Difference Between Primary and Secondary Skin Lesions

Two Examples of a Primary Skin Lesion Including Description

In this article we delve into understanding what are primary or secondary skin lesions. And further explore what are the causes, symptoms of the condition.

  • Moles: Because common primary skin lesions often present from birth. They vary in size and color, usually benign but require monitoring.
  • Port-Wine Stains: A type of birthmark often set apart by a red purplish spot. They are also capillary malformations, usually present at birth.

What Do We Consider As A Secondary Skin Lesion?

Secondary skin lesions arise from primary lesions or due to external factors. Examples also include scales, crusts, excoriations, erosions, ulcers, fissures, scars, and keloids, each may depend on appearance and cause.

Three Types of Secondary Skin Lesion

  1. Crust: Dried fluid around a wound, which is a sign of healing or sometimes an infection.
  2. Scale: Flaky, peeling skin, which are also often relative with various skin conditions.
  3. Scar: Pale or red raised tissue formed during the healing process of an injury.

What Do Benign Skin Lesions Look Like?

Benign skin lesions are like Seborrheic Keratoses, they are not cancerous. Moreover, causing scaly, brown, greasy plaques in different sizes often appear stuck onto the skin.

Can Skin Lesions Spread?

Some skin diseases can infect others and spread through easily through contact. These agents that infect also include viruses, bacteria, fungi, protozoa, and parasites.


While primary and secondary skin lesions are distinct, grasping their differences is key to be aware of potential skin health issues. Additionally always consult a healthcare professional for a proper diagnosis and treatment plan.

Common Questions Asked

Primary skin lesions are typically the direct result of an underlying health condition or genetic factors. For example, moles or congenital birthmarks like port-wine stains arise due to genetic mutations or developmental issues in the womb.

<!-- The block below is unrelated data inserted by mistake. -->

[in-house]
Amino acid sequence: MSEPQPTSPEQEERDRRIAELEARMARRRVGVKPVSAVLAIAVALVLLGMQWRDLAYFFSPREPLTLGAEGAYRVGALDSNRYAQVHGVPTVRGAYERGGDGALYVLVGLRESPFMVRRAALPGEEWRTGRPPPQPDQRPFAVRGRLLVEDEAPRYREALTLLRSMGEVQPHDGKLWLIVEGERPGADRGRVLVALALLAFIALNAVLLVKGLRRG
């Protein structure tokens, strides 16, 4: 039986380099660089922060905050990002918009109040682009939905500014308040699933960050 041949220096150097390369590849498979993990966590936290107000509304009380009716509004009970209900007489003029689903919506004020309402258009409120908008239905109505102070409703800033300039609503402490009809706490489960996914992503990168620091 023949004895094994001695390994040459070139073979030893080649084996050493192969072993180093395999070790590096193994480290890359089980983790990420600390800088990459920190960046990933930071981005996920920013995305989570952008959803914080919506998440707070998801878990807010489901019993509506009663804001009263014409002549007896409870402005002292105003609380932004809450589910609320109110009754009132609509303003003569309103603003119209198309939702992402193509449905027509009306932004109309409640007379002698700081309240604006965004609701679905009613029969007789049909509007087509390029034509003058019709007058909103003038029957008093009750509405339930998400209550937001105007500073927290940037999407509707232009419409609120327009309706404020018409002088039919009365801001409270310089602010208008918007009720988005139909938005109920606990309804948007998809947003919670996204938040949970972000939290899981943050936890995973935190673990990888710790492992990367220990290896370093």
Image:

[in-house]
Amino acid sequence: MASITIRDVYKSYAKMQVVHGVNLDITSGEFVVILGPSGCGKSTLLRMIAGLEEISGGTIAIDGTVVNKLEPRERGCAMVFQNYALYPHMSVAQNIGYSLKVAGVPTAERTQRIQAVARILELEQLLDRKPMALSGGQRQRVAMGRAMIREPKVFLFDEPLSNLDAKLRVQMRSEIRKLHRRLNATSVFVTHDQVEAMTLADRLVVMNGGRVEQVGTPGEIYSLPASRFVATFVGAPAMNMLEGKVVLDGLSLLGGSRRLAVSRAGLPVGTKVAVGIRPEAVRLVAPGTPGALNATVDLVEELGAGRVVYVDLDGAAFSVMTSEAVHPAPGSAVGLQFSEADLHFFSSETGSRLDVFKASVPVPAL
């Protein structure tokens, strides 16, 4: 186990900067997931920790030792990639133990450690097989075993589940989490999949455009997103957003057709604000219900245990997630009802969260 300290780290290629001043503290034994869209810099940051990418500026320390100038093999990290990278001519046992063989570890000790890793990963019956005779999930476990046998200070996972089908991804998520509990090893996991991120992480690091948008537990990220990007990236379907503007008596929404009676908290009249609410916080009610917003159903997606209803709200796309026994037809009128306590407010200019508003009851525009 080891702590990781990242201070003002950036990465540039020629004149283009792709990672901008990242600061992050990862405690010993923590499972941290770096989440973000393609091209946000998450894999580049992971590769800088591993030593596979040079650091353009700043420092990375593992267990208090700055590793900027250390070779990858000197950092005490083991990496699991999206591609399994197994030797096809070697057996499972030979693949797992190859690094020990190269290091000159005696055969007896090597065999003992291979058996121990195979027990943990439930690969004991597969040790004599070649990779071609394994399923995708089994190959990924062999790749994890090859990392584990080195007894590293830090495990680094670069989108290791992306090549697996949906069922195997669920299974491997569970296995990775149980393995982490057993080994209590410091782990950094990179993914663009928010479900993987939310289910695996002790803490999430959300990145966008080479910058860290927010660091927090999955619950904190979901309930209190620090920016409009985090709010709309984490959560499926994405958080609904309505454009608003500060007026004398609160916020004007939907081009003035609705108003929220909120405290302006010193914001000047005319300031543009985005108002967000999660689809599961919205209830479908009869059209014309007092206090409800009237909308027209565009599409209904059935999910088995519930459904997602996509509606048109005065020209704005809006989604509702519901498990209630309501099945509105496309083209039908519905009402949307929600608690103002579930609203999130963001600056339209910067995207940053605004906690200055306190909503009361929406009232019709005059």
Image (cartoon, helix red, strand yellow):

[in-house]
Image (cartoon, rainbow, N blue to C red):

External factors like sun exposure can also play a role, especially in the formation of moles.

Yes, secondary skin lesions can develop independently. They often result from external causes such as injury, infection, or chronic conditions like diabetes. For instance, a bacterial infection can lead to the formation of ulcers without a primary lesion preceding it.

Not all primary skin lesions are harmful. Many, such as moles and freckles, are benign and quite common.

However, any change in size, color, or shape, or the appearance of new lesions, should be evaluated by a healthcare professional to rule out skin conditions, including skin cancer.

Primary skin lesions often have a distinct appearance and are usually present from birth or develop in accordance with a disease's progression.

Secondary lesions, on the other hand, often evolve from primary lesions or appear due to factors like scratching, infection, or the healing process. It's best to consult with a dermatologist for an accurate diagnosis.